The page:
As one might guess from the title, the genesis of Laurie Anderson’s remarkable new film essay is a dog—specifically, her rat terrier Lolabelle…and even more specifically, Lolabelle’s death. Though it is melancholy, Heart of a Dog is hardly funereal. Instead, the personal loss—plus two other human losses; more on those later—has inspired in Anderson a wide-ranging meditation on life, death and the unfathomable mysteries of what lies beyond.
Some of the details she includes are specific, topical even. Anderson features anecdotes about deaths she’s heard of and/or experienced, like the very public, final 24 hours of architect Gordon Matta-Clark’s life, or her own hospital stay after a diving accident threatened to leave her paralyzed. Others, however, are broader in scope. Post-9/11 fears are a major thematic thread—not only the immediate devastation, but longer-lasting ramifications: increased police presences in major NYC transit hubs, for example, or more invasive national security measures.
Still, Heart of a Dog broaches broader and cosmic dimensions in its death-haunted meditations. A pastoral California getaway with Lolabelle, for instance, leads to an incident involving a hawk which Anderson, based on her dog’s reactions, interprets as Lolabelle’s sobering first brush with the threat of mortality. Anderson, thanks in large part to her own Tibetan-Buddhist leanings, occasionally ventures into outright philosophizing. One of the film’s more memorable bits deals with the grieving process—specifically, the empathetic idea of being able to “feel sad without being sad.” Thinking about what lies beyond this mortal coil, Anderson devotes an extended sequence to speculating about what happens to people during and after the “bardo,” the Tibetan-Buddhist term for a 49-day purgatorial state between two planes of existence.
Much of Anderson’s musings are supported by her usual trippy musical style: evocative low-register synthesizer droning, electronically amplified cello lines, a paradoxical vibe of alienating cool. Visually, however, Heart of a Dog is a striking mixed-media collage, with Anderson assembling home movies (some of them digitally manipulated), fictionalized reenactments, archival footage, surveillance videos and the occasional animated sequence. At one point, she mentions her love for Francisco Goya’s painting “The Dog,” and much of the ensuing home-movie footage is tinted with the gold tones Goya used on his canvas. It’s indicative of the kind of impressionistic imagination Anderson brings to her images in the film.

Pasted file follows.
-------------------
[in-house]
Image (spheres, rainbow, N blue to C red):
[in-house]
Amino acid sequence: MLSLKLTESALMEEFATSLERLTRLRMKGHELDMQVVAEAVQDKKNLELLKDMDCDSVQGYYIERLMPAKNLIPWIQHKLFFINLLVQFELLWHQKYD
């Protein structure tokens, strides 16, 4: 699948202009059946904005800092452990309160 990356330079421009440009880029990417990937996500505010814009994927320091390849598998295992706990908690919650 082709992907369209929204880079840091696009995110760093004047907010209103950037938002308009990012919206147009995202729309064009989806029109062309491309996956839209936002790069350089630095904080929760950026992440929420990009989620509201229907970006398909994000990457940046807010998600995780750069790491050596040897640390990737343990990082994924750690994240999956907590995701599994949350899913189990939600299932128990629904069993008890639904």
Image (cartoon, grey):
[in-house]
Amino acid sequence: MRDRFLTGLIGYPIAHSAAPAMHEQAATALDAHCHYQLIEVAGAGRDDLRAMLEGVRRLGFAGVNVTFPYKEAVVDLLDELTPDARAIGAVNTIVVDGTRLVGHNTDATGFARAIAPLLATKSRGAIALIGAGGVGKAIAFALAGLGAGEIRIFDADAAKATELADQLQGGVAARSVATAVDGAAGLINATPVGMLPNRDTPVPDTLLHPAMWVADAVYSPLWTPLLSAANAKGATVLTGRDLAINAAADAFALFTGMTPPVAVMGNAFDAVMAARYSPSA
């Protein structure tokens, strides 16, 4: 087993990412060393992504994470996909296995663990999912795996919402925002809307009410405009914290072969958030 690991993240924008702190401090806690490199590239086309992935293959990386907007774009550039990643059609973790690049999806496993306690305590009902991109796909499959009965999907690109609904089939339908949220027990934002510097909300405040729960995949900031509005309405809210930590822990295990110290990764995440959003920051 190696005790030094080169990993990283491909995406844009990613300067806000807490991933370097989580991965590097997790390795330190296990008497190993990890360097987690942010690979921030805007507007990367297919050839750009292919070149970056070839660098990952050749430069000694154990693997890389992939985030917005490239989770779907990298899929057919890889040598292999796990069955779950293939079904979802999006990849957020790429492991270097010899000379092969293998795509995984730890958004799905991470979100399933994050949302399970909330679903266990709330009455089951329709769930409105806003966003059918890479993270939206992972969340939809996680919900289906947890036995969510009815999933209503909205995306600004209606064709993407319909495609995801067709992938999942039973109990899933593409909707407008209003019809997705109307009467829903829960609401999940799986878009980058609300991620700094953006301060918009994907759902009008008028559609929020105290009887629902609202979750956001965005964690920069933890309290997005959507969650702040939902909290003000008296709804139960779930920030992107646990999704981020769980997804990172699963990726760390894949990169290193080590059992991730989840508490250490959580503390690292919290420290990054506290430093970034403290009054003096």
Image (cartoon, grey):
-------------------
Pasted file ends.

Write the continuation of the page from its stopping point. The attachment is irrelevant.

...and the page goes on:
The end result recalls some of the density of a Chris Marker or Jean-Luc Godard essay film—the feeling of dropping in on an artist’s undigested thoughts as the artist is working through them in the moment. Heart of a Dog may not consistently approach the intellectual headiness of either of those artists at full blast, but Anderson isn’t merely going for the cerebral here. As is the case with her recordings and live performances, she delivers her voiceover narration in a deliberately detached manner, with a hint of sly deadpan humor. But thanks in part to the at times deeply candid nature of the images, anecdotes and impressions she offers, the film always exudes a poignant sense of the personal, of an artist contemplating her own experiences from a reflective distance.
Some of those experiences are only hinted at rather than expressly stated. Though the death of Lolabelle is the ostensible spur for this film, equally important is the more recent passing of her husband, Lou Reed. The legendary rock artist is seen in only one bit of home-movie footage (on a beach with herself and Lolabelle), but Anderson dedicates the film to him at the end and includes one of his later songs—the appropriately wistful “Turning Time Around,” from his 2000 album Ecstasy—over the end credits.
Even that subtextual undercurrent, however, doesn’t quite approach the emotional power of the film’s final 10 minutes, when Anderson mentions another recent death in her circles: that of her mother. Because she was never really close to her, she admits to finding herself swimming with regrets—the kind of regrets that, earlier in the film, she suggested made the experience of death more often about the griever than the person being grieved. Suddenly, though—illustrated with digitally manipulated home-movie footage of Anderson as a child on an icy pond skating with two baby twin sisters—she remembers one brief, shining moment in which her mother seemed to “love her unconditionally.” With this closing memory, Heart of a Dog reveals itself to be nothing less than an artist’s own personal therapy session, one that thankfully broadens its scope beyond the borders of Anderson’s memories and impressions to touch profoundly and poignantly on universal human experience.
Director: Laurie Anderson
Writer: Laurie Anderson
Release Date: Oct. 21, 2015
Kenji Fujishima is a freelance film critic, contributing to Slant Magazine, Brooklyn Magazine, The Playlist and the Village Voice. He is also Deputy Editor of Movie Mezzanine and former editor-in-chief of In Review Online. When he’s not watching movies and writing and editing film criticism, he’s trying to absorb as much music, art and literature as possible. He has not infrequently been called a “culture vulture” for that reason.